Hebeloma syrjenseHebeloma syrjense (Photo: J. Vesterholt)


Full name: Hebeloma syrjense (P. Karst.) P. Karst., Bidrag Kännedom Finlands Natur Folk 32: 475 (1879)
Genus: Hebeloma
Section: Syrjense

Agaricus syrjensis P. Karst., Bidrag till kännedom av Finlands natur och folk 25: 371 (1876)

Types: FINLAND: Tavastia australis. Tammela, Mustiala (approx. 60.82°N, 23.77°E, alt. approx. 110 m a.s.l.) on mossy soil in boreal, coniferous woodland under Pinus sp., 23 Sep. 1876, P.A. Karsten (4004) (Lectotype. held at herbarium H, HJB1000158). Lectotype designated by Vesterholt, Nord. J. Bot. 9 (3): (1989) page 318.

Heterotypic synonyms:

  • Hebeloma subsaponaceum P. Karst., Meddelanden af Societas pro Fauna et Flora Fennica 11: 3 (1884)
  • Hebeloma lubriciceps (Kauffman & A.H. Sm.) Hesler & A.H. Sm., Sydowia 37: 274 (1984)
  • Naucoria lubriciceps Kauffman & A.H. Sm., Papers of the Michigan Academy of Science, Arts and Letters 17: 187 (1933)
  • Hebelomatis subsaponaceum (P. Karst.) Locq., Flore Mycologique Vol III - Text. Cortinariales A: 146 (1979) ["1977"]

Homotypic synonyms:

  • Derminus syrjensis (P. Karst.) Henn., Hymenomycetineae: 243 (1898)

  • arrow_drop_downarrow_drop_upEtymology
    Named after the location in which it was originally collected, a pine forest in Syrjöås near Mustiala.
  • arrow_drop_downarrow_drop_upOriginal diagnosis
    Hatten lergul; foten pipig, skrufvriden, hvit, slutl. umbrabrun, upptill fjällmjölig; lamellerna blek. Barrskog, r. 9. Finl. (Mustiala). Hatten n. köttig, först kullrig, sedan utbredd, trabbig, torr, slät, glatt, i början beströdd med et fint, hvitt, n. glänsande puder, 4–6 cm. bred; foten jämntjock, flerböjd, hvit, snart vid based, slutl. helt och hållet, äfven inuti, umbrabrun, omking 12 cm. hög; lamellerna vidfästade, tättsittande i eggen fint luddnaggade; sporerna elliptiska, 10–11 mmm. långa, 5–6 mmm. tjocka. Lukten n. ingen. Bilder små, täta grupper. Denna och de följ. arterna af detta slägte hafva storlek och utseende af Simocybe eller Naucoria.
  • arrow_drop_downarrow_drop_upEnglish translation
    Pileus clay brown; stipe hollow, twisted, white, finally umber brown, finely squamulose-mealy at apex; lamellae pale. Coniferous forest near Mustiala, Finland, September. Pileus somewhat fleshy, hemispherical at first, then expanded, blunt, dry, smooth, glabrous, at first covered with a fine, white, somewhat shiny bloom, 4–6 cm broad; stipe equal, flexuose, white, soon turning umber brown at base, finally over whole length, even inside. About 12 cm high; lamellae adnate, crowded, finely fluffy along edge; spores elliptical, 10–11 μm. long, 5–6 μm broad. Odour more or less none. Makes small, dense groups. This and the following species of this genus have the size and habit of Simocybe or Naucoria.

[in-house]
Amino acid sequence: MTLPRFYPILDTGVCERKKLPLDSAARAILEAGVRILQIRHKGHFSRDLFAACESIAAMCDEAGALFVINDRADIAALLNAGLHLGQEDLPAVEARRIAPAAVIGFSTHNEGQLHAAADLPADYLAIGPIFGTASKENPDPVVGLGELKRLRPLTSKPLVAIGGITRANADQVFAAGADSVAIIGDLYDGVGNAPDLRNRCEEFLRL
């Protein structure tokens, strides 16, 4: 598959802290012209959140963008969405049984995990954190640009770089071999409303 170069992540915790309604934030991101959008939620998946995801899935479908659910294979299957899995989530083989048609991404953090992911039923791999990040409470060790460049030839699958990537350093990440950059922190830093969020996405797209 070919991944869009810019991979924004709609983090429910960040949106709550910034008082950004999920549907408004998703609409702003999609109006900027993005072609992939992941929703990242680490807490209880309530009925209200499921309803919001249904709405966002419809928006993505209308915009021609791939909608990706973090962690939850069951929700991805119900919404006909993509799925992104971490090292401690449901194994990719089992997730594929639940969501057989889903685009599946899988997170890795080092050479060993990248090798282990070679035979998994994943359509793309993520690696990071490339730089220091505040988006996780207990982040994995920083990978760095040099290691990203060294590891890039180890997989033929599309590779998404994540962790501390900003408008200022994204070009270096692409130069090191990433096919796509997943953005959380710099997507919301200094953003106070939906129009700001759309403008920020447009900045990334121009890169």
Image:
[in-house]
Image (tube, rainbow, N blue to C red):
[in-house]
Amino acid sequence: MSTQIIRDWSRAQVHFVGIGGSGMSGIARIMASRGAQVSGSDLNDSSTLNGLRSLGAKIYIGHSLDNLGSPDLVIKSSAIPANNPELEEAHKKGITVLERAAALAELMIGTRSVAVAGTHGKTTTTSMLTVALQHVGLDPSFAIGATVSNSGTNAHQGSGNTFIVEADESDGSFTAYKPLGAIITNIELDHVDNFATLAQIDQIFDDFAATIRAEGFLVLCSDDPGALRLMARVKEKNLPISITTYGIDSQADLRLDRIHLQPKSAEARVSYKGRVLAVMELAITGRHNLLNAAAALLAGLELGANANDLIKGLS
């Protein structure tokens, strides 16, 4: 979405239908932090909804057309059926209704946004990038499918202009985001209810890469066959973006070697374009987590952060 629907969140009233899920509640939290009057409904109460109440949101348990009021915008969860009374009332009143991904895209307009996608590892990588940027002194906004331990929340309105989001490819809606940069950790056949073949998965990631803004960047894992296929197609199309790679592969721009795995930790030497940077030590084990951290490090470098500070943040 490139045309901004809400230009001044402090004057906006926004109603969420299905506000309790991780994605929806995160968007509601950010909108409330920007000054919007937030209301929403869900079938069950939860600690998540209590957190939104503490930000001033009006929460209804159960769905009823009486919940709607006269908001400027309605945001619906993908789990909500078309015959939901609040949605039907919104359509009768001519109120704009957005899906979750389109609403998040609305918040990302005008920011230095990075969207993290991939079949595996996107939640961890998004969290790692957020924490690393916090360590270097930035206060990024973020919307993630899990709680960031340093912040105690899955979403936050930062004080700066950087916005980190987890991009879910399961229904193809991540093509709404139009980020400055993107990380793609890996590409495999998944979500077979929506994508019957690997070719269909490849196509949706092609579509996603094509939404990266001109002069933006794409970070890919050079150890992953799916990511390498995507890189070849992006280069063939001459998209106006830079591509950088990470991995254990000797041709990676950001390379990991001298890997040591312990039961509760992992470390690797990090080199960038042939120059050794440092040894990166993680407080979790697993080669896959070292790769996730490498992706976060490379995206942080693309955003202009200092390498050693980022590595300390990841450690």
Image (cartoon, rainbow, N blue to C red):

• arrow_drop_downarrow_drop_upThresholds
Description of Hebeloma syrjense based on 30 collections
  • arrow_drop_downarrow_drop_upMacroscopic description
    Pileus: (10) 23–44 (60) mm diameter; shape often convex, occasionally umbonate or broadly umbonate; characters rarely hygrophanous, remains of universal veil or spotting; margin characters often smooth, occasionally eroded, involute, sulcate or wavy; viscosity tacky when moist; colour variation unicolour; colour at centre occasionally cinnamon, yellowish brown or ochraceous, rarely honey or umber.

    Lamellae: attachment often emarginate or adnate, rarely decurrent tooth; maximum depth 4–5 mm; number of complete lamellae 32–54; presence of tears absent; white fimbriate edge occasionally absent, present or weak.

    Cortina presence: no.

    Stipe: (28) 45–105 (120) x (2) 3–5 (8) {median} x 3–5 (8) {basal} mm; stipe Q 8.8–24.0; base shape usually cylindrical, occasionally clavate; floccosity often pruinose at apex, rarely fibrillose, floccose at apex, weakly floccose, none, pruinose or velute; rooting often no, occasionally yes; thick rhizoids at base absent;

    Context: Texture firm; stipe interior often stuffed, occasionally hollow; stipe flesh discolouring yes; slenderness measure 16.2–79.2; smell often odourless, rarely cocoa, fruit, soap or tea; taste often bitter, occasionally mild or raphanoid where recorded.

    Spore deposit colour: Not recorded.

    Exsiccata characters: often pileus blackening.

  • arrow_drop_downarrow_drop_upMicroscopic description
    Spores: shape amygdaloid, rarely limoniform; colour in microscope often yellow brown, occasionally brown or very pale, rarely brown yellow; guttules often yes, occasionally no. papilla often no, occasionally weak, rarely yes; Spore Code: O2 O3; P1 P2; (D2) D3 (D4).

    Basidia: (18) 21–33 (38) x 5–8 μm; ave. Q 3.0–5.2; spore arrangement 4 spored;

    Cheilocystidia: main shape cylindrical, usually clavate-lageniform or clavate-ventricose, often clavate, occasionally gently clavate, rarely ventricose or tapering; special features observed often short, occasionally branching, bifurcate or septa, rarely yellow contents, irregular, many collapsed in exsiccata, median thickening or wavy; cheilocystidia ratios: A/M = 1.21–1.50; A/B = 0.89–1.22; B/M = 1.12–1.44.

    Pleurocystidia: usually none seen, rarely only close to lamella edge.